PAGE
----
GOP Spectacular! — Whoa! What a crowd! What energy! The Vermont Republican Party is definitely looking like it's finding the comeback trail. Their big fundraiser at the Sheraton Saturday night was quite the blow-out.

National Committeeman Allen Martin enthusiastically noted for yours truly's benefit that not only were there 1000 Republicans present, but "1000 Republicans having fun!" Right on, Big Al! And here we thought only Democrats knew how to have fun.

The sound system was dreadful, but the singing senators — Jim Jeffords, Trent Lott, Larry Craig and John Ashcroft — gave it their best. Luck was on their side. There had been some concern that the train carrying the Republican majority leader and crew into the heart of the People's Republic of Burlington Saturday afternoon might draw protesters. Hey, pick an issue. Trent Lott's got a hand in every one of them. City, state and Capitol Hill police were on hand just in case. But, lucky for Lott & Co., the local protesters working that day were all up on Bank Street in front of McDonald's protesting meat and other issues. The GOP was saved by a Big Mac attack.

Together Again! — Two Republicans in a special fun mode Saturday night sat quietly at a back table in the huge ballroom. Former state senator and congressional candidate Susan Sweetser was sitting close to her husband, David Sands. Folks, the divorce stuff is history. They're back together. According to court records, on October 1 the pair signed a stipulation for dismissal of their divorce proceedings. Susie Creamcheese had filed for divorce last November. In June, their second child was born. All's well that ends well.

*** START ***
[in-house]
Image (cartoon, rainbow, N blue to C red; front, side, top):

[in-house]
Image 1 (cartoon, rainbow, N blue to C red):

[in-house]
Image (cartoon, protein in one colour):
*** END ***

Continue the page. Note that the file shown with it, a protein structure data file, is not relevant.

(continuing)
Mr. Charity? — Several lucky Vermont charities are about to get a boost from Congressman Bernie Sanders. Sanders confirmed last week he will donate his $3000 congressional pay raise to charity. Bravo! You may recall Inside Track's report, "El Cheapo" that indicated Ol' Bernardo had only claimed $1369 in charitable contributions on his 1995 tax return, which he released during the Sweetser race. (Susie Creamcheese earned a lot less but gave a whole lot more.)

As far as his new role as a leading critic of U.S. trade policy goes, Sanders said last week he does not drive an imported car. When he was mayor he had a beat-up Honda. Today he drives a Saturn.

Whose State Park? — Some friends received a very rude awakening Saturday when they headed down to Mt. Philo State Park for a little foliage hiking. A rather brusque Chittenden County Deputy Sheriff (we learned later it was one of the local liquor inspectors working a second job), informed the visitors that the park was closed to the public because a private party was using it. Naturally they found that to be outrageous.

A call to Bruce Brown, regional manager for Forests and Parks, confirmed the sorry tale. Brown told Inside Track that for one weekend a year after the official Columbus Day closing, the Killington Sportsman's Club takes over Mt. Philo for the weekend for road racing and overnight camping. Forests and Parks, said Brown, will collect around $1000 in permits and fees from the club. Since 1990, noted Brown, state parks have not received any tax dollars and have been forced to come up with income generators. This was one of 'em.